Friday, 29 December 2017

boardgaming in photos

22 Oct 2017. Tales of the Arabian Nights. It had been a while. I felt like playing something, and conscripted the kids to play with me. I had forgotten most of the rules, and explained it clunkily while reading the rulebook. Bad idea and rookie mistake. It made the kids impatient. I should have read it by myself first so that the teaching would go much smoother.

I picked this game because elder daughter Shee Yun is into writing these days. I thought a story-telling game would be up her alley.

This is one of the special locations. You can't simply decide to enter such locations. Only special incidents give you an opportunity to visit one of these locations. Sometimes you won't even get one chance for the whole game.

Two of my status cards got me stuck for quite a while. I was a Sultan, which meant I was very wealthy. However it also meant my travel speed on land was greatly reduced due to having a large retinue. At the same time, I was a cripple. This status also reduced my movement speed. I was some distance away from Baghdad. I had settled down in another city and made it my hometown. Each time I left home, I could only visit one other city before returning home, otherwise the wife would be mad at me. From where I was, I could not reach Baghdad without stopping at another city, which meant I could never get to Baghdad to claim victory. I had enough Destiny points and Story points to win, but no way to get to Baghdad. Eventually it was an incident which let me employ Shee Yun (who was a clever scholar) to cure me of my crippled status. Only then I managed to go to Baghdad to win. Actually I wasn't sure whether I played this right. The text said I could do this, but it did not say explicitly whether Shee Yun could refuse.

This time playing Tales of the Arabian Nights felt a little draggy. I guess it was partly because of how I got stuck for some time with no way to progress. The story being told in this game is not really a consistent narrative. It is a story assembled from random snippets. It is only partly affected by your character's statuses and your decisions. The results of some of the decisions are rather random too. Sometimes you do experience an interesting journey. Sometimes it can be a disjointed experience. Winning is more luck than skill, but that's okay, because this game is more about the experience than outdoing your friends.

27 Oct 2017. Cubist, a game where you build structures with dice. This time I played a 3-player game with Allen and Heng. It was Heng's first time.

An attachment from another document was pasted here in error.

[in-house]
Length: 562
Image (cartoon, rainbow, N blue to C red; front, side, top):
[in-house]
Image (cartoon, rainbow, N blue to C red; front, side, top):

The structure in the middle is the museum. Completion of the museum is one of the game-end conditions. The museum starts with one die - the red one. The blue and brown dice are player dice. So far Allen and Heng had contributed to museum construction. I had not yet contributed any dice. I was green.

I was only one #3 die away from completing this sculpture on the left. I needed one more #3 die to stack on top of the existing #3 die. I was building some kind of rampart. We were near game end. All three of us were close to completing one last sculpture, which would end the game. It came down to whoever was first to roll the right number. He would complete his sculpture, and the points from that sculpture would put him in the lead and give him the victory.

The green card is the blueprint for the museum. The Museum is only one #6 die away from being completed.

This was Heng's first time playing Machi Koro too. I love this game and was more than happy to teach. I directly taught the Harbour expansion.

17 Nov 2017. Both Allen and I like Innovation. It has classic status between us. We don't regularly play it, but still bring it out once in a while, unlike most hobby games which only get played once or twice, and then stay on the shelf. Our games were a little lopsided, but still fun. What's cool about Innovation is there can always be an unexpected twist around the corner.

15 Dec 2017. There was a team-building event at work, and one of the activities was boardgames. Naturally I was the supplier of boardgames. Among the games picked, Captain Sonar was the most complex. Most were very simple. In the game of Captain Sonar played that day, both radio operators were competent and did not make any mistake. Blue team (left) managed to determine the exact location of yellow team (right) earlier. I was confident they would win. Knowledge was power. In the early game, blue team mostly used detection tools, to help them find the location of their enemy. Yellow team mostly used weapons, but they seemed to be shooting blindly without knowing for sure where the enemy was. However at one of their attacks, they managed an indirect hit, which greatly reduced the possible positions of their enemy. Blue team wasn't ready to counterattack due to their weapons system being offline. They had to repair it first. They never did manage to recover. Before they could get themselves organised, yellow team kept up relentless attacks and eventually sank them.

Coconuts must be played in a meeting room and not in any open area because the coconuts would fly, bounce and roll everywhere.

There was bitter competition in Halli Galli. It was a four-player game, and they had to play till two players remained. When they were down to three, play was intense and everyone managed to hold on for a long time. There were a few times Zharif ran out of cards, but the next time exactly 5 fruits of the same kind came up, he managed to ring the bell first. So he claimed a stack of cards and was back in action. It was exciting to see him back from the brink many times.

I had used Loopin Louie for a previous company event, so some of my colleagues already knew how to play.

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